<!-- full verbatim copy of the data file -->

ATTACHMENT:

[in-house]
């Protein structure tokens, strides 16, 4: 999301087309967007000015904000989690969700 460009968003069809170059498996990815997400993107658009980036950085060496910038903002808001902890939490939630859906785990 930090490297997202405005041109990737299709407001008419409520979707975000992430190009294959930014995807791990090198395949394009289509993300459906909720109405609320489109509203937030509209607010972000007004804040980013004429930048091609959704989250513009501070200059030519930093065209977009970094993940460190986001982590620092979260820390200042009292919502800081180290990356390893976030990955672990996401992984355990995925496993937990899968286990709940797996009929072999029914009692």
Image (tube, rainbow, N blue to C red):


[in-house]
């Protein structure tokens, strides 16, 4: 999301087309967007000015904000989690969700 460009968003069809170059498996990815997400993107658009980036950085060496910038903002808001902890939490939630859906785990 930090490297997202405005041109990737299709407001008419409520979707975000992430190009294959930014995807791990090198395949394009289509993300459906909720109405609320489109509203937030509209607010972000007004804040980013004429930048091609959704989250513009501070200059030519930093065209977009970094993940460190986001982590620092979260820390200042009292919502800081180290990356390893976030990955672990996401992984355990995925496993937990899968286990709940797996009929072999029914009692």
Image (tube, rainbow, N blue to C red):